Authorities in the eastern Canadian province of Nova Scotia are appealing for outside help, as firefighters battle raging fires that have forced more than 16,000 people from their homes.
Nova Scotia Premier Tim Houston said Wednesday that his government has received help from other provinces, including more water pumps, and has contacted officials in the northeastern United States to request more resources.
Dozens of firefighters are battling to contain two large out-of-control fires near the provincial capital of Halifax. Fourteen fires are burning all over the province, causing cloudy skies and anxiety among residents.
“We have a crisis in the province. And we want, and we need, and we’re going to take all the support we can get,” Houston said during a news conference.
“Unprecedented resources are being used because these fires are unprecedented.”
Our teams of firefighters and first responders continue to fight the fires today. I am very grateful for the wonderful work they are doing throughout the province. Thank you.
— Tim Houston (@TimHoustonNS) May 31, 2023
Fire officials in Nova Scotia, home to more than 1 million people on Canada’s Atlantic coast, warned that gusty winds and low humidity Wednesday could fuel the Tantallon Fire, which continues to burn burning about 30km (19 miles) west of Halifax.
The fire has grown to about 837 hectares (2,068 acres), authorities said in a statement, while two more in the Barrington Lake and Pubnico areas are also considered out of control.
The Halifax Regional Municipality said the fires have so far destroyed or damaged more than 200 structures – mostly homes – and forced nearly 16,500 people on the run, but no injuries were reported.
“People are understandably tired, frustrated and scared,” said Halifax Mayor Mike Savage.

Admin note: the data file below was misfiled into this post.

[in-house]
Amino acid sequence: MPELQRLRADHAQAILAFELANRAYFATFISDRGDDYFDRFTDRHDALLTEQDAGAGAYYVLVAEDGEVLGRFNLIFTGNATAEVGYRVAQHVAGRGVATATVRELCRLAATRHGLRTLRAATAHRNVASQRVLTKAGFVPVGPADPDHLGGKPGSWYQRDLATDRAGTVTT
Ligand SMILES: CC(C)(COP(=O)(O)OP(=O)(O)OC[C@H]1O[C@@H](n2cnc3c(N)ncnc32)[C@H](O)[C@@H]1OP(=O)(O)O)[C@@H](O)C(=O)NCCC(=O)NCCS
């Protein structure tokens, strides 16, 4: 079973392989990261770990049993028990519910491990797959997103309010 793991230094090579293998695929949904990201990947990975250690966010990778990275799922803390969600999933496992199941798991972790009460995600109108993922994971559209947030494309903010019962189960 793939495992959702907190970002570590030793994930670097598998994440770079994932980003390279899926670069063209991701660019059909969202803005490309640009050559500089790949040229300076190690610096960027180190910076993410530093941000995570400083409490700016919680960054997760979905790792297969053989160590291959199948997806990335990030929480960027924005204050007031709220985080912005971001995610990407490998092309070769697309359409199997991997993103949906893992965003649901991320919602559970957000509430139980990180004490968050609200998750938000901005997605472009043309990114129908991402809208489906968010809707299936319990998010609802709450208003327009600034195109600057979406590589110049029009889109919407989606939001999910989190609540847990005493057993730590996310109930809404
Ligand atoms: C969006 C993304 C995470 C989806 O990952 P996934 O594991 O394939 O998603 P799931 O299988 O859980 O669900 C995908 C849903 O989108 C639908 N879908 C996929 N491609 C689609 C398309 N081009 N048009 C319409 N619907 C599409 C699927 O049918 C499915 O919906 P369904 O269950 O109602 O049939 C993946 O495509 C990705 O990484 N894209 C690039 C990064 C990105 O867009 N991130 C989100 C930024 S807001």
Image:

Houston, the premier, announced late Tuesday a ban on all activities in Nova Scotia’s forests, including hiking, camping, fishing, hunting, the use of off-road vehicles and logging. Violation fines across the province burning ban also raised to $18,400 ($25,000 Canadian).
“For God’s sake, stop burning. Stop flicking a cigarette butt out of the car window. Just stop. Our resources are stretched thin right now fighting existing fires,” Houston said.
The wildfires also led to the evacuation of about 400 homes in the neighboring province of New Brunswick over the weekend, officials said.
“The stories and the images we’re seeing coming out of Nova Scotia and New Brunswick are heartbreaking,” Prime Minister Justin Trudeau told reporters in Ottawa, pledging federal support.
“We know that people are very, very sad about what happened. As a federal government we are there, we are there to support,” he said.
– RCMP Nova Scotia (@RCMPNS) May 31, 2023
Many experts point to climate change as a factor that has exacerbated extreme weather such as forest fires, heat waves and tropical storms around the world.
Canada’s western provinces of Alberta and British Columbia are also dealing with unusually hot weather that has fueled several wildfires, cutting oil and gas production in the region. However, most of those fires have been brought under control.
The Halifax wildfires are expected to cause poor air quality hundreds of kilometers to the south, in parts of the US East Coast and Midwest, as smoke drifts across the region.
Air quality alerts are in effect for eastern and western sections of Michigan, northern Ohio and parts of Pennsylvania, New Jersey and New York, due to high concentrations of pollutants in the forecast, the US National Weather Service (NWS) said.